Visualizing Olfactory Receptor Expression and Localization in Drosophila
Odor detection and discrimination by olfactory systems in vertebrates and invertebrates depend both on the selective expression of individual olfactory receptor genes in subpopulations of olfactory sensory neurons, and on the targeting of the encoded proteins to the exposed, ciliated endings of sensory dendrites. Techniques to visualize the expression and localization of olfactory receptor gene products in vivo have been essential to reveal the molecular logic of peripheral odor coding and to permit investigation of the developmental and cellular neurobiology of this sensory system. Here, we describe methods for detection of olfactory receptor transcripts and proteins in the antennal olfactory organ of the fruit fly, Drosophila melanogaster, an important genetic model organism. We include protocols both for antennal cryosections and whole-mount antennae. These methods can be adapted for detection of receptor expression in other olfactory and gustatory tissues in Drosophila, as well as in the chemosensory systems of other insects.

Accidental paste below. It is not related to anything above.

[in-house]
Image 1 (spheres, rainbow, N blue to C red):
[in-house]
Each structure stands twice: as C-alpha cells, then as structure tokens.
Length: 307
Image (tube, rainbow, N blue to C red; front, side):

Key wordsOlfaction Olfactory receptor Gene expression Drosophila melanogaster Insect Antenna Fluorescent in situ hybridization Immunohistochemistry
We thank Liliane Abuin, Vincent Croset, Jaime Reina, and Raphael Rytz for comments on this chapter. We acknowledge Elane Fishilevich and Kirsten Vannice (Vosshall Lab, Rockefeller University) and Jeanne de Lavallaz, who contributed to the development of these methods. Research in R.B.’s laboratory is supported by the University of Lausanne, a European Research Council Starting Independent Researcher Grant and the Swiss National Science Foundation.